Avi Kwa Ame is the West’s newest National Monument and was just designated by President Biden. Situated in the pointy end of Nevada and south of Las Vegas, these lands are sacred to a dozen tribes along the lower Colorado River. The 700-square-mile designated Monument creates a much larger interconnected expanse of federally-managed lands with special protections (see the detailed map here). Advocacy for the Monument in recent years brought together a uniquely diverse coalition of tribes, communities, conservation organizations, outdoor groups, and even motorized recreationalists. A wintery three-day ride through the area in January opened my eyes to the beauty of this unfamiliar-to-me area, but basic aesthetics only scratch the surface when trying to unpack the meaning of this landscape.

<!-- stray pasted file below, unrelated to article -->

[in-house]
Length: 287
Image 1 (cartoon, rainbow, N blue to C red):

“Is this your property?” Lessons Learned from Bikepacking the Wild West Route
Today is a hot one in southern Idaho, 90 degrees and rising. My partner, Skyler, and I are stopped for snacks under the few shaded bushes along a lonely dirt road.
We hear the tell-tale signs of a lonely car and a white-haired woman drive towards us. She slows down to approach us cautiously. Her window rolls down as the car stops and from inside we hear “There isn’t a road that goes through there.”
Riding Utah’s Thunder Mountain: a Trail with Residual Harmony on Santa Cruz Reserve 37 29er Wheels
If a trail is made by humans, versus game or erosion, does it carry along with it historical remnants of the trail builder’s psyche? Humans use tools to create trails and these tools are guided by feats of strength, both physical and mental. What happens when strength is combined with emotion? Are those emotional remnants carried along the path, forever altering the harmony of its intentional meanderment? Trails are all about control. Direction. Intention. Is there a marking of metaphysical energy within them?